A bitter cold winter in 1931 didn’t stop people from gathering together to worship God. The sides of the brush arbor were boarded up and a barrel used to burn wood kept the congregation warm. The make-shift building became known as “The Shed,” and for the next six years many would walk for miles to attend services.

The church continued to grow, and in 1937 preparations began for a new building. People sacrificed to raise money. Farmers planted, plowed and sold cotton; women sold chickens and eggs. All labor was donated as a white building was constructed. An old potbellied stove kept the congregation warm in winter, and in the summer the windows were raised and pasteboard fans were passed out. With monthly payments running $2.53, the church was completely paid for in four years. Later they built a parsonage.

With steady growth over the next 20 years, it became necessary to build again. Lucille Embry donated the first dollar to the structure that became known as Rock Church. In 1977 the mortgage was paid off on their church that included a baptistry, kitchen, new pews, a paved parking lot and central air conditioning. The memories of church suppers and fund- raisers, weddings and baby dedications, potbellied stoves and vacation Bible schools are all that remain as this united congregation found their world shattered in a few short hours.

Disaster strikes suddenly; there is no forewarning. In the wee hours of the morning, the church experienced divine protection from even greater devastation.

“My son-in-law and daughter ‘just happened’ to be staying in our home,” Leggett said. “If they had not been here, we would have lost the parsonage and everything else we have. My son-in-law got up on the roof of the parsonage and with a water hose managed to douse the flames and sparks.”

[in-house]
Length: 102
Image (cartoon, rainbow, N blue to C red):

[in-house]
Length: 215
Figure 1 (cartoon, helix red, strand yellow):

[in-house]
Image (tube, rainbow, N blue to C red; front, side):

So grateful that there was no loss of life, the pastor and congregation are now focusing their attention on rebuilding. Although it won’t be easy, the responses from people have been amazing. Within the first few days after the fire, the pastor received over two hundred telephone calls from people wanting to help. A woman from a nearby community sensed that the Lord was leading her to help someone financially. When she viewed the evening news and saw the report about the church fire, she sent a sizable check. Two carpenters volunteered to help rebuild, and the local school superintendent has allowed the congregation to use the school facilities until the new church is built.

Rev. Leggett expressed his appreciation for the gift sent from the Disaster Relief Fund in the Benevolences Department. “We considered the help from Benevolences in Springfield to be the spark that ignited the ray of hope for our congregation,” Rev. Leggett said, adding, “we’ve kind of adopted a little motto here — ‘We may have been burned down but we’re not burned out.’”

With renewed vigor, plans are now underway for a new multipurpose building that will include a gymnasium for the youth and a fellowship hall. Rev. Leggett, who came to Drummonds from a church where a brand-new facility had been built, is no doubt the determined leader this congregation needs as they begin again. He commented: “I was kind of tired, exhausted and burned out just a little bit, but I’m in it again. This time it’s a little more joyful because you can feel the sense of expectation from the people. Satan was wrong if he thought he could defeat us with a fire. We will be back stronger than ever.”

Alice Jones
Alice E. Jones
Editorial Assistant